PEViD-UHD: Privacy Evaluation Ultra High Definition Video Dataset

Introduction

To understand the implications of using UHD video in video surveillance, a dataset suitable for privacy evaluation is necessary. Existing public UHD datasets are mostly designed for evaluation of video compression and do not carry privacy sensitive information. And datasets dedicated to the evaluation of privacy issues, such as PEViD-HD (mmspg.epfl.ch/pevid-hd), contain at most HD video sequences. 

Dataset in details

The dataset consists of 26 4K UHD video sequences, each 13 seconds long, with a frame resolution of 3840 x 2160 pixels and captured at 30 fps using a Samsung Galaxy Note 3 smartphone. Resized sequences in HD (1920 x 1080 pixels) and SD (720 x 404 pixels) are also provided together with the original 4K UHD sequenes.

Video sequences in the dataset depict several typical surveillance scenarios: walking, exchanging bags, fighting, and stealing, which were shot in outdoor and indoor environments. Participants appearing in the video have various gender and race, they are dressed differently and carry various personal items and accessories. Their silhouettes were manually annotated and the annotations are provided in XML format. All participants have read and signed a consent form, allowing free usage of these video sequences for research purposes.

Here are some screnshot examples of the scenes available in this dataset: 

 

 

 

Subjective experiment and data

To better understand the degree to which an UHD video impacts privacy intrusiveness when compared to lower resolutions, we conducted subjective experiments comparing privacy intrusiveness of UHD to HD and SD video. The sequences were evaluated using the methodology proposed in [1] and extended in [2].

To avoid the memory effect, subjects first viewed all video sequences in SD (the least number of visible details), followed by HD, and finally by UHD. Hence, the test was divided into three separate sessions corresponding to their resolutions. 

A total of 20 naïve subjects took part in the experiments, with 25% being female and overall age ranging from 18 to 27 years old. Test consisted of three sessions of 15 minutes each (SD, HD, and UHD content) with a few minutes breaks in-between. During each session, subjects assessed 20 selected video sequences. Test subjects were then given 30 seconds to answer specific questions about privacy and intelligibility for each video.

All video sequences were played on a 56-inch professional high performance Sony Trimaster SRM-L560 4K/QFHD LCD reference monitor. Viewing conditions for the participating subjects were set according to recommendation ITU-R BT.2022 [3]. 

The resulted subjetive data is also available to download with the dataset.

[1] P. Korshunov, C. Araimo, F. De Simone, C. Velardo, J. Dugelay, and T. Ebrahimi, “Evaluation of visual pri- vacy filters impact on video surveillance intelligibility,” in International Workshop on Quality of Multimedia Ex- perience (QoMEX), Yarra Valley, Australia, July 2012, pp. 150–151.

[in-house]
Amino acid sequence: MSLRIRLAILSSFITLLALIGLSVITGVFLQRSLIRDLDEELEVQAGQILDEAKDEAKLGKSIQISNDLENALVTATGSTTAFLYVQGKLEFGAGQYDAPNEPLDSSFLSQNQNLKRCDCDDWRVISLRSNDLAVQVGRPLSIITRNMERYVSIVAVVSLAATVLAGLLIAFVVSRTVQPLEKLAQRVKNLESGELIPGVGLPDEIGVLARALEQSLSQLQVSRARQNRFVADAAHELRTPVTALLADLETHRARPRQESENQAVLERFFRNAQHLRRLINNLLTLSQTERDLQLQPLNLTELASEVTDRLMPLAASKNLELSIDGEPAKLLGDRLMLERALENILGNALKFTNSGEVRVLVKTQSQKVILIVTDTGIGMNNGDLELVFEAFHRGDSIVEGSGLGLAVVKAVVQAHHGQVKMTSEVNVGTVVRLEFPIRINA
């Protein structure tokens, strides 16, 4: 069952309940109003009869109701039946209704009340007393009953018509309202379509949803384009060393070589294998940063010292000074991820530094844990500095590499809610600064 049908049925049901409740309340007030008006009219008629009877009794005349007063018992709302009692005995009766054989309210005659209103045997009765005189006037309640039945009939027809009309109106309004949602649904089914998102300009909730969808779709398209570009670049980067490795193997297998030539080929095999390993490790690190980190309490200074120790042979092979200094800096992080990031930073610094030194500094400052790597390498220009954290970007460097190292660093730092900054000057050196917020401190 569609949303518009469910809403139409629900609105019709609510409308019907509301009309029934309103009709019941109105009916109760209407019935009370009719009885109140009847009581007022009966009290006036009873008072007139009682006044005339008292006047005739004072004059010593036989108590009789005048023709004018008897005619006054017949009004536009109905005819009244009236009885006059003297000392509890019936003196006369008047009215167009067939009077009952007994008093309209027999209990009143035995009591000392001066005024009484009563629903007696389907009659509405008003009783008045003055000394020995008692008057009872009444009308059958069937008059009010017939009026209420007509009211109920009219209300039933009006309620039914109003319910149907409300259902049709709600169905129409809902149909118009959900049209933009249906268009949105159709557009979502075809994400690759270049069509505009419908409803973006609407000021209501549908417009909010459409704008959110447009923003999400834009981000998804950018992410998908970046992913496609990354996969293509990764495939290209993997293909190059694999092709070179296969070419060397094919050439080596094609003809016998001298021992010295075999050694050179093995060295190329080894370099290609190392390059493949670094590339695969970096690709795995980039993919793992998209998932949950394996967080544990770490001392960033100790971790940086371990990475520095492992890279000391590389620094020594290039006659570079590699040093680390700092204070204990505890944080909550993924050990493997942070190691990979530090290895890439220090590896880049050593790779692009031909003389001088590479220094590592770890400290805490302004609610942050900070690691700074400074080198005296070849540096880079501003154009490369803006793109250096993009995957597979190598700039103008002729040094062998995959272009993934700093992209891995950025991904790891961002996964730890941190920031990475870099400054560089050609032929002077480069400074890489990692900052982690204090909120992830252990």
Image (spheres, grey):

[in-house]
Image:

[2] P. Korshunov, C. Araimo, F. De Simone, C. Velardo, J. Dugelay, and T. Ebrahimi, “Subjective study of pri- vacy filters in video surveillance,” in IEEE International Workshop on Multimedia Signal Processing (MMSP), Banff, AB, Canada, Sept. 2012, pp. 378–382.

[3] ITU-R BT.2022, “General viewing conditions for sub- jective assessment of quality of SDTV and HDTV tele- vision pictures on flat panel displays,” International Telecommunication Union, August 2012.

Download

You can use PEViD-UHD dataset in your research without any conditions, as long as you clearly mention and acknowledge the following paper :

P. Korshunov, and T. Ebrahimi. UHD Video Dataset for Evaluation of Privacy. Sixth International Workshop on Quality of Multimedia Experience (QoMEX 2014), Singapore, 2014.

Bibtex file:
@InProceedings{KorUHD2014,
    author    = {Pavel Korshunov and Touradj Ebrahimi},
    title     = {UHD Video Dataset for Evaluation of Privacy},
    booktitle = {Sixth International Workshop on Quality of Multimedia Experience (QoMEX 2014)},
    address  = {Singapore},
    year      = {2014},
    month    = {18–20 September},
}

You can download all video files, associated XML-based annotations, and the raw data of the subjective experiments from the following FTP (please use dedicated FTP clients, such as FileZilla or FireFTP):

FTP address: tremplin.epfl.ch
User name: PEViD@grebvm2.epfl.ch
Password: m@l>A_@$1(G?Z+;C
 
The dataset is inside folder ‘PEViD-UHD’. Please see the readme.txt file inside the download folder for details about the dataset and the annotation format. You may also check the above paper for some other helpful information.
 
In case of any problems or questions, please send an email to pavel.korshunov (at) epfl.ch

 

Permission is hereby granted, without written agreement and without license or royalty fees, to use, copy, modify, and distribute the data provided and its documentation for research purpose only. The data provided may not be commercially distributed. In no event shall the Ecole Polytechnique Fédérale de Lausanne (EPFL) be liable to any party for direct, indirect, special, incidental, or consequential damages arising out of the use of the data and its documentation. The Ecole Polytechnique Fédérale de Lausanne (EPFL) specifically disclaims any warranties. The data provided hereunder is on an “as is” basis and the Ecole Polytechnique Fédérale de Lausanne (EPFL) has no obligation to provide maintenance, support, updates, enhancements, or modifications.